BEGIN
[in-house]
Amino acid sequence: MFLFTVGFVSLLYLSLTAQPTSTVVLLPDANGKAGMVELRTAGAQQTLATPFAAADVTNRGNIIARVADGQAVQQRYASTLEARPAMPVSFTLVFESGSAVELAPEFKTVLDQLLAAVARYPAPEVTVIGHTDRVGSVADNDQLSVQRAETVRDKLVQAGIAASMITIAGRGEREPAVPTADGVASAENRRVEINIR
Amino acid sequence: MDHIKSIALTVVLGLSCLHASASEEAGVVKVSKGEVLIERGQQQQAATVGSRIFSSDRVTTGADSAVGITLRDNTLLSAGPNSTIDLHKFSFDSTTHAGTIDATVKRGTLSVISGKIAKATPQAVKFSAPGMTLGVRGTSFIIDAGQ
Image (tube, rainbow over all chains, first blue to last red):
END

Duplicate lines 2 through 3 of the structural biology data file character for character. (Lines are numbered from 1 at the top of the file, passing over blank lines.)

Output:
Amino acid sequence: MFLFTVGFVSLLYLSLTAQPTSTVVLLPDANGKAGMVELRTAGAQQTLATPFAAADVTNRGNIIARVADGQAVQQRYASTLEARPAMPVSFTLVFESGSAVELAPEFKTVLDQLLAAVARYPAPEVTVIGHTDRVGSVADNDQLSVQRAETVRDKLVQAGIAASMITIAGRGEREPAVPTADGVASAENRRVEINIR
Amino acid sequence: MDHIKSIALTVVLGLSCLHASASEEAGVVKVSKGEVLIERGQQQQAATVGSRIFSSDRVTTGADSAVGITLRDNTLLSAGPNSTIDLHKFSFDSTTHAGTIDATVKRGTLSVISGKIAKATPQAVKFSAPGMTLGVRGTSFIIDAGQ